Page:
Katia Raina

The Magic Mirror

Of Superstitions and Resolutions

It was supposed to be a very American New Year’s eve, a night out with friends, ringing in 2011 in a cloud of noise and alcohol, amidst packs of kids dashing across numerous rooms, clinking champagne glasses in the midst of crazy dancing and screaming. Instead, our daughter got sick, last-minute — recurrent strep throat — and we ended up greeting the new year on the couch: Toy Story 3, playing truth-or-dare with our kids, dancing a little just the four of us.  

If you go along with the Russian New Year superstitions (see my previous post: https://katiaraina.wordpress.com/2010/12/30/how-to-celebrate-the-new-year-russian-style/), then what does that sort of party bid for the year that stretches ahead?

It’s hard not to wonder. And hard not to worry, a little. Hard for someone like me — having been raised in Russia — a country of deep superstitions — and coming from a Jewish family (more superstitions still).

Spit three times over your left shoulder when you say something you want to come true.

If you forget your hat or your purse on the way out the door, and return home to grab it, be sure to look at yourself in the mirror if you want an auspicious trip.

If your ears feel hot, someone’s cursing you out, or gossiping about you.

If you drop a fork or a spoon, someone (of a female gender) is on their way to your house right now. If you drop a knife — then it’s a male.

Lucky charms, guardian animals, the right way to greet the New Year’s. I am wondering if maybe it’s time to start letting some of those go. I think maybe it’s part of letting go of control and fear, and trusting in Destiny more.

This year, I am replacing the superstitions with resolutions:

Wake up one hour earlier every day of the week  (except on Shabbat, Saturday mornings, and maybe vacations and holidays) to get a head-start on writing.

 Blog, Facebook and e-mail at the end of the day, after all the writing is done.

Try to finish all your work before the kids get home, so you can give them your full attention.

 Finish not one but two whole manuscripts this year! (well, one of them is almost done).

I am hoping that doing this will carry me farther in 2011 than those silly Year of the Rabbit superstitions I have blogged about before. Still, even as I write this today, on the first day of the year, I am wearing my special magic Rabbit sweater. Just in case.




January 1, 2011 Posted by | Personal Mirror | , | 4 Comments

How to celebrate the New Year, Russian-style

Since Soviet Russia wasn’t allowed to officially celebrate Christmas, we had to have some other major holiday. And it had to be big. Huge. BETTER than Christmas. Thus was born the Soviet New Year, honestly THE BEST holiday EVER.

Think Halloween with its costumes and candy. Add to it Christmas with its dressed-up evergreens and loads of presents. Then sprinkle freely with the regular New Year traditions as you know it — the festive partying all night long, the  champagne, the countdown, the fireworks. And most importantly, don’t forget the Chinese New Year — a new animal patron watching over every successive year, determining your luck. Finally, toss in Russia’s own deep superstitions.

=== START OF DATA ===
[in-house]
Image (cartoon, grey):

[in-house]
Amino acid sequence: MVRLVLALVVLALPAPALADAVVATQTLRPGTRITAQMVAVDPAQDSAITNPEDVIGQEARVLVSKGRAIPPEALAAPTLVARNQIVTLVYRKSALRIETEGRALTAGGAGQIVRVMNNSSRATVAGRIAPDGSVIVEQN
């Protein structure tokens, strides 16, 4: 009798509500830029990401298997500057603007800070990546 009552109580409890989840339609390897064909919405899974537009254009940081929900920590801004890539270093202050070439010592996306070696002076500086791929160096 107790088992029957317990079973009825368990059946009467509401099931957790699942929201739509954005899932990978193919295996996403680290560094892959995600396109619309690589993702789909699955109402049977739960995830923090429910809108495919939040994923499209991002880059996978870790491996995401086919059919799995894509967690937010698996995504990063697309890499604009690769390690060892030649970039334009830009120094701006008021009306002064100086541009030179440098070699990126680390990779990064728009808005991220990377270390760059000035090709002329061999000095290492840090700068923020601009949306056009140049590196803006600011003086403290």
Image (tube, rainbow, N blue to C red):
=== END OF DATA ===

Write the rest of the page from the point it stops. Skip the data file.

And you get a holidaygreat for everyone — from families with young kids, to love-stuck teens, to 20-something singles. You get a holiday that outlasted the Soviet empire itself!   

You get the holiday of my childhood — one that I too have trouble growing out of. 🙂                     


I think the most addictive part of it isn’t even all the fun — it’s the superstition. The kind Russians have always been famous for — and which only intensified in the Soviet period when religion wasn’t sanctioned.

According to the New Year tradition which had taken such firm hold on me, what you do on New Year’s eve and on the first morning of the new year will determine how you spend the entire year. What you wear and eat, who you spend your time with, it all matters too. While American Christians are shopping around for better outdoor lights, and the Jews hunt for fancier electric Hanukkah menorahs to display in their windows, Russians buy up little animal figures at the stores, to surround themselves with the image of the lucky animal, and check the major newspapers for horoscopes and instructions on how to best celebrate on the New Year’s eve.

What are you doing this New Year’s?

And what are you hoping for?


The rabbit will supposedly (and HOPEFULLY) bring us all a peaceful year and generally a much happier year for the entire world, after the combative exhaustive Tiger of 2010. (Not that it was bad or anything. To me, at least, this passing year had been filled with great highlights. it’s just been a bit DIFFICULT. Which may have been a good thing, for it toughened me up EVEN MORE, and made me work harder than ever.)

According to the Chinese and Russian horoscopes, 2011 just might be the year when patience, hard work and good deeds pay off (but bragging, showing off, intolerance and aggression generally do not). It is best to greet this year in the colors of the rabbit — white, gray or light brown. God save you if you decide to have rabbit for dinner though, or wear a rabbit fur hat. (Rabbit won’t like it!)

Whatever you do this New Year’s eve then — make sure you don’t fight — or, I don’t know, do something lame like watch soap operas! Make sure you hug your loved ones when the clock strikes twelve, and if you must be separated from someone you love, at least think of them, or call them.

 Stay happy, and meet this year with joy! Then, at the end, let me know what great fortunes the Rabbit brought you!

December 30, 2010 Posted by | Contemporary History, Politics and Religion, The U.S.S.R. | , , , , | 9 Comments